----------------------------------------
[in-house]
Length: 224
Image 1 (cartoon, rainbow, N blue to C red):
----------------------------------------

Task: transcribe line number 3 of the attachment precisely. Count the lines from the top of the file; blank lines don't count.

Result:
Image 1 (cartoon, rainbow, N blue to C red):